If their garden is any indication of personality traits, I bet you there is a fair amount of sadistic pleasure being peddled in there, behind the heavy drapes. I'm not judging - just trying to grasp and accept other people's realities.

If their garden is any indication of personality and preference,  I bet you there is a fair amount of sadistic pleasure being peddled in there, behind the heavy drapes. I’m not judging – just trying to grasp and accept other people’s realities. And – lost in my curious fascination – trying to figure out who is the Dominatrix of that poor garden.

Oh well, I’m doing some more work in that neighborhood soon. Maybe I’ll just knock on their door and ask… Wouldn’t that be fun?______________________________________________________________

UPDATE, August 22, 2015: I went on a garden tour today. As we were leaving, we drove past this:

These shrubs look like the molars of my lower jaw. Wonder if a dentist lives here?

These shrubs look like the molars of my lower jaw. Wonder if a dentist lives here?

About annamadeit

Born and raised in Sweden, my aesthetics and outlook on life are strongly shaped by a culture rich in history and tradition. I care a great deal about environmental responsibility, and my aesthetic reflects the visually clean, functional practicality and sustainable solutions that are the hallmarks of modern Scandinavia. I was trained as an architect at the University of Cincinnati and as a color specialist at the Scandinavian Colour Institute in Stockholm. I'm obsessed with plants and gardens, and aim to take my skill set a step further by designing gardens as well as interiors. As someone so aptly said: " Architecture is the skin that separates the exterior from the interior". So true - you can't successfully focus on one without incorporating the other. I'm also an avid cook, and I love to ski. In addition, I put time and efforts into trying to rectify things that I feel are wrong in my immediate community. As you will see, The Creative Flux will touch on all these things, and more. For sure, it's all over the map, but then again - so am I! Welcome to my blog!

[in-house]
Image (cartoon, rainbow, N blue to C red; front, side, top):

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20 Responses to Thoughts on domination, niwaki and the topiary arts

  1. mattb325 says:

    Love it! Personally I find pruning and shaping plants very relaxing, a sort of zen-like quality. But for some, it is about control as you say, so if you do knock on the door, be prepared for anything!

    • annamadeit says:

      I think pruning is very relaxing too, and enjoy it once I get into it. I tend to think long and hard before I make that first cut, but after that I loosen up. As for knocking on the door, I’m sure I’ll chicken out. But it sure is tempting…

  2. Pauline says:

    I love a firm, formal structure with plants billowing and frothing to make a contrast. Also the formal structures look wonderful in the winter if /when we have snow. Love the shaggy dog made of sedge, it is fantastic, it reminds me of my last dog, she was very shaggy too!

    • annamadeit says:

      So true – you can really see the structures in a white world. It’s like Nature is making the gardener’s job easier. Except in the dead of winter, none of us feel compelled to go out there and do anything about it. 🙂

  3. Alan @ it's not work, it's gardening! says: